After having captured the suspects, the next post on the soldiers' programme was to ransack the apartment. It was done with professional thoroughness. The Gestapo officers searched the whole house for compromising material. Every drawer and cupboard was carefully examined. But nothing illegal was found. No weapons. No confidential papers. The last thing the soldiers did before leaving the apartment was to cut off the telephone line. An officer remained in the house to guard Mrs Laudal and the daughter Liv, who was only 14 years. The mother and daughter were completely isolated for 14 days. It was not possible for them to reach anyone.

Next stop: Arkivet

Major Laudal knew well where the soldiers were taking him; the next stop was Arkivet. Together with his brother-in-law, Erling Stray, Laudal was ordered to stand upright and face the wall in the stairway. New prisoners were continuously brought in during the night. In a quick glance, Laudal saw Clerk Ivar Christensen, Chief Superintendent Julius Hougen, Law student Egil Hagli and Lieutenant Aanen Smith. Later on, his other brother-in-law, Arne Hagtvedt also joined the convicts.

Major Laudal and the other prisoners were obviously considered as big shots. They were forced to remain in painful upright positions for several hours. It was strongly prohibited to talk. There was a constant noise of clacking boots and loud commands.

The "loosening" exercise had started. The intolerable waiting was both physically and mentally exhausting.

The first "talks" with Major Laudal started on Monday morning. Due to the convict's important position within the Resistance, the interrogation was led by the head of Sipo himself, Criminal Commissioner Rudolf Kerner. The prisoners who were brought before his custody could count on being exposed to the most cruel brutality and abuse.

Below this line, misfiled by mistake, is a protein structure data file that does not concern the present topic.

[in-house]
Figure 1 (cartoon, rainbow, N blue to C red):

This notorious Nazi officer was the one whom Major Laudal now was dealing with. With mixed emotions, he was facing his prime opponent.

They differed completely in mind and spirit.

Major Laudal, 50 years, was a well-equipped Norwegian Officer. Criminal Commissioner Kerner, 32 years, was a former shoe manufacturer from Saarbrücken. The former was an enthusiastic Norwegian patriot and Resistance fighter. The latter was a blind supporter of Nazi ideology.

Gestapo regarded the case to be very serious, as the "bandit activity" was to be considered a plot against the German power. Kerner knew that Major Laudal had a lot of important information. He was planning to force the Major to confess in order to give Sipo enough leads to proceed. Kerner opened the interrogation by putting all the relevant testimonials before Major Laudal.

Laudal was requested to submit a complete confession.

The Nazis used brutal force

Kerner said that Laudal was suspected of heading up a secret military organisation in southern Norway. It would be futile to lie. The best option would be to admit straight away. If not, Kerner had means to force out the truth.

Major Laudal knew that the whole organisation would be destroyed if he confessed. From the first moment on he stated that he had nothing to confess. He denied that he had any information about what he was being charged with.

Kerner was focused on reaching results as soon as possible. Still wearing handcuffs, Laudal was exposed to what was called strict interrogation. The Gestapo officers used brutal force in order to make him give away the names of his co-workers. The head of Sipo started beating him with a rubber baton as he laid bent over a chair, unable to move.

Later on, Lipicki and Lappe continued the treatment of the Norwegian Officer. Major Laudal's response was complete silence. Not once during the torture did he utter a word.

Kerner must have had certain scruples with regard to the authenticity of the previous confessions. All of a sudden he stopped the violent interrogation and asked: "Are we mistaken in this case?" The head of Arkivet said that Laudal could not possibly be guilty of the serious charges against him as he, even after having been subject to the most dreadful treatment, still denied everything.

A duty: to protect one's co-workers

The head of Sipo subsequently got in touch with the Commander in Stavanger, SS-Obersturmführer Friedrich Wilkens. He was probably told to continue the strict interrogation, as the torture resumed shortly thereafter.

On Tuesday morning a new interrogation started. The abuse was repeated and continued the following day. At this point, Major Laudal had no illusions about his own future. He realised that he had only one duty: to protect his co-workers. Laudal was physically fit, but after three days of systematic ill-treatment, he noticed that his body was quickly dissolving.